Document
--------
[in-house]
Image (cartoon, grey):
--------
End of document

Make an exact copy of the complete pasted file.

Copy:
[in-house]
Image (cartoon, grey):